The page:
How to help a family member cope with Covid-19 anxiety

It’s important to understand that anxiety manifests itself differently in different people. (Rawpixel pic)

During “ordinary” times, if a loved one is feeling anxious, you would normally suggest they speak to a mental health professional.

However during a pandemic, if healthcare workers can get overwhelmed, most likely mental health counsellors are exhausted too. Hotlines may also be so jammed with calls that it’s difficult to get through.

The coronavirus disease 2019 (Covid-19) has hit everyone hard and many don’t really know how to navigate through these unchartered waters. Most find these changes difficult to handle both mentally and emotionally.

Each person copes with the Covid-19 pandemic differently. Some are more anxious than others. Even within the same family, individuals deal with it differently.

It is not a matter of whether you are strong or weak emotionally. Anxiety is a human feature, not a flaw.

It is common for you to get anxious from time to time. This emotion can be useful as it keeps you on the alert. However, sometimes a coping mechanism can be flawed which can cause your anxiety to snowball causing overthinking.

How to support an anxious, worried or scared family member

1. Understand that anxiety manifests itself differently in different people

Some individuals act out, are irritable or defensive. Others have sleep disruptions (either sleep too much or insomnia) while others may eat excessively. Some will have no appetite.

For example, when older adults are anxious, most tend to exhibit physical symptoms such as headaches and other pains, while teenagers tend to isolate themselves or go online excessively.

When talking to someone who is anxious, pay attention to their tone and body language as it will give you insight into their emotions. (Rawpixel pic)

2. Listen and empathise

  • Try to be non-judgmental. Let go of your personal opinions. Focus on the other person’s perspective no matter how ridiculous it may seem to you. Acknowledge their emotions, you do not have to agree with them, just acknowledge that this is how they are feeling now, and that you care about them.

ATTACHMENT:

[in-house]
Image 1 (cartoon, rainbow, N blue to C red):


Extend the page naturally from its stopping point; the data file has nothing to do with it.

• When you listen and empathise you will discover that some people just want to vent their fears while others want to express their anger at the situation. Occasionally some may even want your help to solve their problem.
  • Set time aside to talk to your loved one, remove all distractions such as phones, laptops and other devices. Create a calm setting and give them your full-undivided attention.
  • Listen to both feelings and facts. Pay attention to both your loved one’s tone and body language and other clues that will give you insight into their emotions.
  • Pay attention to your body language (posture and nonverbal messages). Try to display supportive body language like maintaining eye contact with them, nodding or peppering supportive words like “Yes, I hear you” or “Ok, I understand” etc.

By doing this you are showing them your attentiveness. This will help them feel safe and open up more to you.

  • Silence can be golden, so do not be afraid of it. Being a counsellor, one of the hardest things is to be comfortable with silence Most times the person just needs to know you are there.

By sitting patiently with them you are letting them know that you are there for them and if they need a few minutes to think of what to say next, that is alright. Sometimes people just need a few moments of silence to process what they have just said.

Even a joint activity like cooking can help alleviate the stress of being in lockdown because of Covid-19. (Rawpixel pic)

3. If there’s something you’re unclear about, ask

Take time to clarify comments if you need to. Remember to stay non-judgmental, respectful and kind. You can also ask how you can help. If the person is open to it, you can offer them resources on how to cope with stress. Try to match your support to their preferences.

4. Help create a small support group for them

With their permission perhaps you can help them create a small support group. For example, recruit other family members that they are close to. Take turns checking up on your loved one to make sure that their stress levels and mental state are stable and not deteriorating.

Keep communication lines open. Remember you can offer support but do not try to take over and manage their anxiety for them.

5. Try to find the root cause of their anxiety

Try to spot and give insight as to what you observe could be causing their anxiety. Perhaps share with them what you see them doing each time they get stressed and worried. Get their permission first before you do this.

6. Suggest an activity to help alleviate the stress

Giving support and helping your family member does not have to be directly focused on anxiety. For example, exercise, meditation and yoga helps with anxiety. You can offer to do YouTube yoga or meditation sessions with them.

Finally, remember to take care of yourself and learn to limit the amount of time you spend on supporting others. Take a break if you need to. It is ok to put a limit on the support you give.

Lean Ong is a crisis counsellor, psychologist and emergency responder.